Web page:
The Bahá’í Calendar, arguably the least lunar calendar there is, has recently been given a lunar calculation of its own. Because the founders of the Bábí and Bahá’í religions were reported to have been born a day apart on the Islamic calendar (though two years apart), the Bahá’í leaders in Israel figured it would be nice to make this happen on their calendar. To do this, they marked the 8th new moon after No-Rúz in Tehran as the one most likely to be close to the time of year when the two prophets were born, and then had one prophet’s birth commemorated on the first day after that new moon and the other prophet’s birth commemorated on the day after that.
The commemorations will no longer occur on the actual dates of birth on the solar cycle (October 20 and November 12) or even the Islamic calendar, but rather, they will take place on different dates from year to year, as is done with Easter and Good Friday.
Calendars are an important tool for scheduling our activities. A farmer might use a solar calendar to plan a harvest. A Bedouin might use a lunar calendar to plan a journey across the desert. Many calendars are a hybrid between solar and lunar so that they can be used in accord with seasonal and lunar cycles. The Gregorian calendar, for instance, is precisely calculated to remain synchronized with the seasons. It is not so precise with respect to lunar cycles, each of its months being about a day too long to keep pace with the phases of the moon. Still, a Gregorian month can be used to loosely approximate a lunar month.
Calendars can also be used to lend meaning to a day or a time of year. Nations and religions use calendars to assert their values and allegiances. They do so by marking certain dates as sacred (in a religious or secular sense).
The Bábí religion of 19th Century Iran was the first that I know of to take the “moon” out of month, to redefine it such that it has absolutely no correspondence to lunar cycles. The Bábí month had 19 days in it, presumably because 19 is the square root of 361 (which is nearly 365.24). If one makes a month 19 days long, one can have 19 months in a year. You’ll have to add 4 or 5 days on at the end to complete the year, but otherwise you have a calendar that is a kind of perfect square (an imperfect kind). It has little to say about natural cycles, because the cycles are not perfect squares, but if one likes mathematical perfection it has that going for it.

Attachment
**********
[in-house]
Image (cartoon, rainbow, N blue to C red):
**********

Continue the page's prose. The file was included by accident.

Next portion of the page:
The Bábí calendar, like the ancient Iranian calendar, was a solar calendar with its new year, “No-Rúz” in Farsi, on the Vernal Equinox (about March 20). This changed a bit when the Bábí religion metamorphosed into the Bahá’í Faith. The founder of the latter religion, Bahá’u’lláh, used his knowledge of astrology to alter the Bábí calendar so that the Bahá’í new year would occur when the sun enters the constellation Aries, which might be regarded as a war god or a sheep.
Because the sun enters Aries on about April 18, the Bahá’í calendar should have its new year on that date, but this rule has been ignored. The Bahá’í calendar is said, rather, to begin on the Vernal Equinox, but this is not strictly the case. It is, rather, based upon the Gregorian calendar, its new year being marked on March 20th every year, regardless of whether the equinox falls on that date or not.
A calendar that begins when the sun enters a constellation is bound to drift against the seasons, so it is more astrological—or Zodiacal—than it is solar. However, so long as the Bahá’í calendar is based upon the Gregorian calendar, it will remain a solar calendar (by association).
In the Kitáb-i-Aqdas, Bahá’u’lláh states that “The Festival of Naw-Rúz falleth on the day that the sun entereth the sign of Aries, even should this occur no more than one minute before sunset.”
Presumably this refers to the tropical sign of Aries, not the sidereal constellation of Aries. See, for example:
Hi Sam. I read the page that you linked to. That’s fine for astrologers whose beliefs seem to have no relationship to the actual stars in the sky, but for a new enlightened age?
What you seem to be saying is that Bahá’ was using Aries as a symbol for the equinox, though the equinox has not occurred in Aries for 2500 years and will not “enter” Aries for roughly 23000 years more. Aries, to my understanding, is a symbol of aggression, strife, and war. How does this symbolism serve Bahá’ when we all know that the Zodiac has nothing to do with rebirth, the seasons, or anything else here on earth except for a superstition that has not bothered to look at the sky for 2 1/2 millennia?
It seems peculiar to mark time by the intersection of a physical object (the sun) and an imaginary region that has no correspondence to the actual heavens. Why not just mark the new year by the equinox as is traditional among Iranian peoples? They have understood the affect of the sun on the seasons for a long time, yet Bahá’ has chosen to pay homage to a baseless Babylonian/Greek superstition.
Looking at this post after a year and 10 months have gone by, I think I misused the term “mathematical perfection,” seeing as how imperfect the calendar math is in this case. It probably would have been more accurate to speak of “mathematical symmetry,” or better yet: forced symmetry.